Breast Cancer in Teens

Although breast cancer is rarely diagnosed in teens, a small number of patients – less than 2 percent, according to the National Cancer Institute – are diagnosed with breast cancer before the age of 34. Because the risk of developing breast cancer early in life is so low, teenagers and young adults generally do not need to be overly concerned. However, adolescence is an ideal time to establish healthy habits, such as avoiding tobacco products and exercising regularly, which can help reduce the risk of developing breast cancer in the future.

On occasion, a teenager or young adult might discover a small lump in his or her breast tissue. However, these lumps are almost always benign (noncancerous), and are usually caused by normal hormonal fluctuations or infections.

Noncancerous lumps that develop in younger individuals often go away on their own. However, if a teenager or young adult notices any of the following, he or she is advised to make an appointment with a physician:

  • The breast tissue starts to hurt (and the pain is not the ordinary soreness that accompanies a menstrual period, if female)
  • The breast becomes swollen, reddish in color or hot to the touch
  • The nipple begins to secrete a liquid or bloody discharge
  • The lump spreads to the armpit or collarbone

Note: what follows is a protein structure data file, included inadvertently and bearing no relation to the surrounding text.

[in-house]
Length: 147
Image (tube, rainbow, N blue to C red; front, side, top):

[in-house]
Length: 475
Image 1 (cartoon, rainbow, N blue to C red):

Patients who are diagnosed with breast cancer as teenagers or young adults often have a wide range of treatment options, as they are typically healthy enough to tolerate even the most aggressive therapies. As a result, survival outcomes are often high for young breast cancer patients.

At Moffitt Cancer Center, our Adolescent and Young Adult Program is dedicated to improving outcomes for patients who are diagnosed with breast cancer early on in life. Through this program, patients can work with a team of oncologists who have noted experience providing chemotherapy, radiation therapy, surgery and other treatments to other patients in their age group. This program also provides emotional and social support for the unique challenges that individuals may face when they receive a cancer diagnosis as a teenager or young adult.

For more information about Moffitt Cancer Center’s approach to treating breast cancer in teens, contact us today. Referrals are not required to make an appointment; call 1-888-663-3488 or submit a new patient registration form online.